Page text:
22 May 2011

No Accounting for Taste






Via a recent edition of the e-flux journal, Boris Groys on "Art and Money," and the notion that certain kinds of the former exist due to the support of an "elite"...

"Our contemporary world, though, is primarily an artificially produced world—in other words, it is produced primarily by human work. However, even if today’s wider populations produce artworks, they do not investigate, analyze, and demonstrate the technical means by which they produce them—let alone the economic, social, and political conditions under which images are produced and distributed. Professional art, on the other hand, does precisely that—it creates spaces in which a critical investigation of contemporary mass image production can be effectuated and manifested. This is why such a critical, analytical art should be supported in the first place: if it is not supported, it will be not only hidden and discarded, but, as I have already suggested, it would simply not come into being. And this support should be discussed and offered beyond any notion of taste and aesthetic consideration. What is at stake is not an aesthetic, but a technical, or, if you like, poetic, dimension of art."

Groys navigates his argument by way of (perversely enough) two noted essays by Clement Greenberg -- specifically "Avant-Garde and Kitsch" and "The Plight of Culture." Admittedly, the piece meanders and gets a bit knotty at times, yet Groys manages to stay fairly on-point in terms of unpacking and demystifying certain misconception about how the artworld supposedly "works." Ultimately, his thesis is has it that it isn't so much monied, bourgeoisie, institutional elites that keep foster or bolster certain types of seemingly esoteric art modes and practices, but rather the judgement and support of the "productivist" elites of artists themselves.1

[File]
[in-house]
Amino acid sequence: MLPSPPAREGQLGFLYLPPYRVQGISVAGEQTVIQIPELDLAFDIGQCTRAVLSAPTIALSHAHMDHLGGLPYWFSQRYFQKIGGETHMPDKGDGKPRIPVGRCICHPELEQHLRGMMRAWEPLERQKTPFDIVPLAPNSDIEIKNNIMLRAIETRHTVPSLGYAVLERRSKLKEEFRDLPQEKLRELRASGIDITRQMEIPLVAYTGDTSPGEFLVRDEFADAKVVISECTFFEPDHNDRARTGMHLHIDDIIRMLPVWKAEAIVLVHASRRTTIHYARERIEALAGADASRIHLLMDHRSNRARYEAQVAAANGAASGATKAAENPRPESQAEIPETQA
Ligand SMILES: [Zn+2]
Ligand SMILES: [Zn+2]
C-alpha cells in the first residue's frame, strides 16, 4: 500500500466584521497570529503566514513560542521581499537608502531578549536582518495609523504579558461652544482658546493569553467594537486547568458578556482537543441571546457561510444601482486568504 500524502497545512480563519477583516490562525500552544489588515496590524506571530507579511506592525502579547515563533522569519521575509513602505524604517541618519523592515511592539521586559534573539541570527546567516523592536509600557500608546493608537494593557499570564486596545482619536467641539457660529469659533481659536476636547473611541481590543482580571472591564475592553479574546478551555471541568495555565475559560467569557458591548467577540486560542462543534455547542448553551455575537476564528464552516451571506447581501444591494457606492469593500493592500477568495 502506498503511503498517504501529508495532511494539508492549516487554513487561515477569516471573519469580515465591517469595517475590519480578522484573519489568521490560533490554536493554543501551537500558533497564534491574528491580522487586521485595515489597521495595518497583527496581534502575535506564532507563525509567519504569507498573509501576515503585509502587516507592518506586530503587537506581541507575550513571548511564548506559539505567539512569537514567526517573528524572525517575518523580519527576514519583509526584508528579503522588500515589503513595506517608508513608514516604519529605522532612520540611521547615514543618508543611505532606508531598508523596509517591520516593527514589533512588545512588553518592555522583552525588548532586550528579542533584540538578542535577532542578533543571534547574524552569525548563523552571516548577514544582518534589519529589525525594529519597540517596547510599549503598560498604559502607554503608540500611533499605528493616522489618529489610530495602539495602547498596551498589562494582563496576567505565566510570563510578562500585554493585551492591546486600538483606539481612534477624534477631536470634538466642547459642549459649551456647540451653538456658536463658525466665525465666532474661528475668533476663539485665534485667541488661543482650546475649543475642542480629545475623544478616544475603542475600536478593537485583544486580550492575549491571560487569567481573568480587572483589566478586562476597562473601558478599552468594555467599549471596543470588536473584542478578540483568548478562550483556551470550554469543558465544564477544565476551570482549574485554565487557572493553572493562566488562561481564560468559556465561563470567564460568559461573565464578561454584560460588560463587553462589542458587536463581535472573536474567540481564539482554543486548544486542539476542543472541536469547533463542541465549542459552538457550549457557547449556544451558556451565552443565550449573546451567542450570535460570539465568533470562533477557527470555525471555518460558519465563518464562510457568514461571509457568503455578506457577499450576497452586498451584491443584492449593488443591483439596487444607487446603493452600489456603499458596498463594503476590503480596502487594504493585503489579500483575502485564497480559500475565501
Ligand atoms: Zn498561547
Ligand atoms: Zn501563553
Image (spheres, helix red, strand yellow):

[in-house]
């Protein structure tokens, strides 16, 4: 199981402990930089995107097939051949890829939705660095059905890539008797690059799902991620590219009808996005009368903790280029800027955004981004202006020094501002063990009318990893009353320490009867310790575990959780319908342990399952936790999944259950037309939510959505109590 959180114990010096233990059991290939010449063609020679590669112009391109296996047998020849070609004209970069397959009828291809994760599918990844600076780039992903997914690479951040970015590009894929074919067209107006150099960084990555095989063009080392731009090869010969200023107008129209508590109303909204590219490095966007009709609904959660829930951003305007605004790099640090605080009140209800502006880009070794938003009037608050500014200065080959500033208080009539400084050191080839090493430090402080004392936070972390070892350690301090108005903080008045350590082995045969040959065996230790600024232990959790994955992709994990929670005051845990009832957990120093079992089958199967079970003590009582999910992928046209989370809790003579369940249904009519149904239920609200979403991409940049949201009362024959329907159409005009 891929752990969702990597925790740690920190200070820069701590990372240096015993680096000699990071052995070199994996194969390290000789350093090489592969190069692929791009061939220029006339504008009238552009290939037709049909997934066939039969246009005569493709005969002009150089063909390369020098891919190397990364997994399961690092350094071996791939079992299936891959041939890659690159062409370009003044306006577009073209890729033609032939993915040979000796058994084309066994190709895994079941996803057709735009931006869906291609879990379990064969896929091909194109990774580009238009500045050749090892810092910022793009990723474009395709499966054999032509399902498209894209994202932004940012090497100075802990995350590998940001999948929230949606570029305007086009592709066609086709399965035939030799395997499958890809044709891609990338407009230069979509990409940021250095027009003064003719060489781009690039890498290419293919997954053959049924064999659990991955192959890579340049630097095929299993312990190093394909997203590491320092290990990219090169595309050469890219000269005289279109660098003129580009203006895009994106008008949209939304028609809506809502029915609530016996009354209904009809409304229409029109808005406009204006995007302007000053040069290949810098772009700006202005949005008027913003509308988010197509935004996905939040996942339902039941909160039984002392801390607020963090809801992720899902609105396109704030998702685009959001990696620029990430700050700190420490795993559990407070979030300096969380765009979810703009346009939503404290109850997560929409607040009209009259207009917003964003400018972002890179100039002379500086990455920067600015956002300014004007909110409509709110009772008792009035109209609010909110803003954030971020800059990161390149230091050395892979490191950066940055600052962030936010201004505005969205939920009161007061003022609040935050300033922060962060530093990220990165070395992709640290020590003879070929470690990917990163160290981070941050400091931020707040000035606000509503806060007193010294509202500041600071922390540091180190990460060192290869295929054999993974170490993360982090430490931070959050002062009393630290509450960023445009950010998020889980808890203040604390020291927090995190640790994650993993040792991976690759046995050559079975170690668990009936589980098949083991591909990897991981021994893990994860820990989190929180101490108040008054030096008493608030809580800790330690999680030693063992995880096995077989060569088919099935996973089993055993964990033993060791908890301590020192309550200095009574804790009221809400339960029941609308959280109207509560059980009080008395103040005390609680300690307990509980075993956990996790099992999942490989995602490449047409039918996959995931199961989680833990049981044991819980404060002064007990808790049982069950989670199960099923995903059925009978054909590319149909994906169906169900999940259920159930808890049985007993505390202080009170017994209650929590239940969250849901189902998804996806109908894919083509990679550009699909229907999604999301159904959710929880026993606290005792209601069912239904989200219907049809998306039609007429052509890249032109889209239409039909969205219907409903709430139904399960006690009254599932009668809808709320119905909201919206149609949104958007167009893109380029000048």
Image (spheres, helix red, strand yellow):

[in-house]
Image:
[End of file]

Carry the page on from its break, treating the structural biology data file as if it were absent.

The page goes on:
This, of course, raises all sorts of theoretical considerations. What interests me more is the more at the issues that fall more squarely in the domain of aesthetics. Specially, the matter of how a given work or art engages an audience, how it expresses or communicates something to someone, and how the canon shapes up in relation to these considerations.

There are "artist's artists," just as there are "musician's musicians," "writer's writers," and so on. Anyone who devotes their time of energy invested in any given area of artistic activity knows this. How a given artist/writer/whatever achieves this status varies, but it often hinges on a specialized knowledge of the matters of craftmanship -- a critique or appreciation based in technical or formalistic considerations.2

For the past 3-4 decades, formalism has taken a consistent bashing, having long since become a dirty (or, at the very least, dismissive) term in critical circles. But I'd argue that any artists that's worth their weight in salt is ultimately a formalist -- whether consciously or innately. They're geared to think in terms of things like color, composition, texture, materials, physical properties, scale, etc. (Effectively, the syntax by which a work communicates with the viewer/audience.) If they're not, then they've pretty much got it all ass-backwards and the likelihood is very high that they're making lousy work -- work that fails to engage or impart anything to the viewer.